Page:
Clacking keys; mashing buttons; running joysticks up and down in precise, intricate patterns. The motions of playing a video game are mechanical—frequent and repetitive—and suggest a machine at work, which is of course not far off, especially with the best players in the world routinely spending 12 hours a day playing a game. Now, physical therapists are needed to keep the machines from breaking down.
Dr. Caitlin McGee works a day job at a hospital, dealing with everything from postoperative recovery to patients who have suffered brain injuries and strokes. She’s spent the last two years as a specialist in the field of physical therapy, after completing her master’s and doctorate at the University of Delaware. She also, though, travels to esports tournaments around the nation, working with teams and organizations to help players deal with the physical ramifications of playing competitive games, which, if not as drastic as those faced by, say, boxers or football players, are nonetheless very real.
It was a role she fell into backwards, after visiting Washington, D.C. and seeing a friend crunching statistics for the American broadcast of the Dota Asia championships.
“I had no idea what was going on, I had no idea what the game was or what the stats meant, but I was like, ‘This looks awesome and I wanna do it! Also, oh my God, their posture is terrible,’” said McGee. “That was how I discovered Dota. And, yes, the first competitive game I ever jumped into was Dota, because I’m a sane and rational human being.”
Working with tournament organizers, McGee helps players identity issues, deal with symptoms, and stay healthy for their next match. Though a little more glamorous than hospital work—“There’s a lot less bodily fluid involved,” McGee said—there’s still a great deal of similarity between her day job and weekend gig.
“You’re going to need to be creative in terms of adaptations to the plan you make, because the ideal plan for someone might be total rest for three weeks, with icing every day and starting this particular stretching and strengthening program,” said McGee. “And in reality, nobody’s going to do that if you tell them to do that in esports, so you need to find ways to optimize what you can get, and let people know when what they want to do is unfeasible, and work with them when what they want isn’t quite feasible, but can be tweaked.”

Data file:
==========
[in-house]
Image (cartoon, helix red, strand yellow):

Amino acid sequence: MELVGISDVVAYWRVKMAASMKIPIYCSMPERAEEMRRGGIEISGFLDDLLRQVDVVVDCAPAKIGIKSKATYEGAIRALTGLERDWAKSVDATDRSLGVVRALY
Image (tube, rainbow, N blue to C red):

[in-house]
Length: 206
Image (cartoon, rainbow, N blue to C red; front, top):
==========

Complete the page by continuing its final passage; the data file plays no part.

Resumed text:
So what kind of injuries does McGee often deal with? Most frequently it’s tendinopathy, a level of inflammation or irritation or compression in the forearm that most players mistake for simply carpal tunnel. Other issues include postural deficits—pain or weakness caused by poor posture. McGee has seen players spend entire days in strange postures and positions, putting all kinds of pressure on unprotected nerves and tendons.
“I haven’t had anybody get to the point where they can’t play anymore,” said McGee. “Although I have had players where they are in enough pain that every hour, on the hour, I will go to the freezer, grab an ice pack and find them, wherever they are, and make them put the ice pack on.”
Many issues come from the ergonomics of playing games, something McGee and another physical therapist in the esports field, Matt Hwu, address in a video called Evidence-Based Esports. The current equipment in esports does not always provide good support, and often condones bad posture, especially when a player is practicing for hours on end.
In Super Smash Bros. specifically, certain players even develop extra muscle stress when playing certain characters. The bread-and-butter mechanics of playing Fox or Falco in Melee tend to stress certain parts of the forearm, causing tightness and tension.